A huge issue for victims of mesothelioma and other asbestos-related disease is the long latency period between original exposure and the onset of symptoms. During this time, which is often many decades, asbestos fibres inhaled by the victim can cause genetic changes in the body.
Once shortness of breath, a chronic cough, chest pain and extreme tiredness are felt, it’s often too late to successfully treat the disease. Although chemotherapy, radiotherapy, and surgery may all be an option, they rarely alter the patient’s life expectancy to any significant degree.
So what happens when an asbestos victim or their family tries to claim compensation in America for asbestos-related illness, and how might the new Trump presidency affect their chances of obtaining justice?
When companies can’t afford to pay
The American system allows companies to file for Chapter 11 Bankruptcy if they’re struggling to repay their liabilities. This is a corporate insolvency solution whereby the company reorganises and restructures, but can continue in business as long as they pay their debts.
One of the rules of the system is that a trust fund must be established to meet any claims for compensation. As far as asbestos victims are concerned, this can limit the amount they receive, as the level of payout depends on how well the trust is funded.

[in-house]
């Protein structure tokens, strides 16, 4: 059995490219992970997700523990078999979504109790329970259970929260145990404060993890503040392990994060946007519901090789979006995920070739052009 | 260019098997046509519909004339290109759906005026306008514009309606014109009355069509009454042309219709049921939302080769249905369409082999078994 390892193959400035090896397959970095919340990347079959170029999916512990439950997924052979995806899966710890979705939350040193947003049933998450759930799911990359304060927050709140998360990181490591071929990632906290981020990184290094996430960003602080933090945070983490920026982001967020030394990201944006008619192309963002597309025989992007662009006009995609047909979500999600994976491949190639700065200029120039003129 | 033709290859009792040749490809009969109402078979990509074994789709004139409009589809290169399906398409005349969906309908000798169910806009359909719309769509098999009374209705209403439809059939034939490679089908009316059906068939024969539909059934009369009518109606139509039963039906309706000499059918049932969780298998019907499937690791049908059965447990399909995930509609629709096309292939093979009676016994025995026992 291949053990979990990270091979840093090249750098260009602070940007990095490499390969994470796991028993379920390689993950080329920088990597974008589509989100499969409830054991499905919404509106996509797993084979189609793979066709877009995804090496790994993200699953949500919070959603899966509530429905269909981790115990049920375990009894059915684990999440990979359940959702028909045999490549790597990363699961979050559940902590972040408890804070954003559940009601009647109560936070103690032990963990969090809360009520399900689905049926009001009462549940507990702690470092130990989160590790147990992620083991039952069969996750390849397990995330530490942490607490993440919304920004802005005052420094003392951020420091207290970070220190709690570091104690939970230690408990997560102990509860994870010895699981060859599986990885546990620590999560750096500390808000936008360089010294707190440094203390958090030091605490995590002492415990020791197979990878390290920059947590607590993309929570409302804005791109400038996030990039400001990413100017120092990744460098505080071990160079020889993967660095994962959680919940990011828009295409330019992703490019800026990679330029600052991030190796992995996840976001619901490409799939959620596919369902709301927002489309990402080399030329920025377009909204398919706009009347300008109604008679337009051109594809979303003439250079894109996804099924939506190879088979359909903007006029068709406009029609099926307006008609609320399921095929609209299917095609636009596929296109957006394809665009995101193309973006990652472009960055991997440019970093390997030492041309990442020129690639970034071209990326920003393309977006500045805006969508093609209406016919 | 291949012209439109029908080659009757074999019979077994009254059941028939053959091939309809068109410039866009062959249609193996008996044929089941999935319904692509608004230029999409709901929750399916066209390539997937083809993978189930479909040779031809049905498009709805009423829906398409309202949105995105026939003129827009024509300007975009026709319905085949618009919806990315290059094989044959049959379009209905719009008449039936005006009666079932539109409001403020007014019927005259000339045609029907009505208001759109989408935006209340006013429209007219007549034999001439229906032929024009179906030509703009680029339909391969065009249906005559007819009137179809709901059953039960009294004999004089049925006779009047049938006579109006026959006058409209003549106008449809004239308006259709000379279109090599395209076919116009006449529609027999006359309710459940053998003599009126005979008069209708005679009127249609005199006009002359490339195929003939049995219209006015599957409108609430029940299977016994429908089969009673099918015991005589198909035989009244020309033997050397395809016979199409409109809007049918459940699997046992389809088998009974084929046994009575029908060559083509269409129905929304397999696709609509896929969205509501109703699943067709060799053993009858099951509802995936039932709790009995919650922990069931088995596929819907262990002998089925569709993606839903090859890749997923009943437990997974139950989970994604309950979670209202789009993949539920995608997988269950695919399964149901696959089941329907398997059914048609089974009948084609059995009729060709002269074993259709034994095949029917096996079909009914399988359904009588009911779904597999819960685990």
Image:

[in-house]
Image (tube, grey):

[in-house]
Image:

Making multiple claims
If exposure occurred at more than one workplace, someone suffering an asbestos-related illness can file a claim against each employer/trust fund. So although people are able to make multiple claims, a person employed by the same company for most of their working life, may be restricted in terms of how much they receive.
The company concerned has no control in relation to these funds. They are in the hands of trustees who are responsible for managing investment, and also appear in court in place of the company when required.
To prevent a single large claim from diluting or consuming a fund, ‘payment percentages’ are used to calculate individual payouts. If someone successfully claimed $50,000 for example, they may only receive 25% of this amount if that is the payment percentage used by the trust fund concerned.
How might the new presidency affect asbestos victims?
There has been talk of Donald Trump further limiting compensation amounts available to asbestos victims. He has suggested that payouts may be capped at a lower amount, which could leave victims and their families with little justice.
Under the broad spectrum of ‘tort reform’ in America the liability of the companies that exposed employees to this deadly carcinogen with no protective equipment or asbestos training, may be further reduced.
The categories of claimable compensation include the medical expenses incurred by the patient, loss of earnings, funeral costs, plus payment for the emotional distress suffered by the victim and their family.
Hopefully these victims of negligence won’t be deprived of financial compensation to help them practically, or the emotional aspect of making their employer accountable for their negligent actions.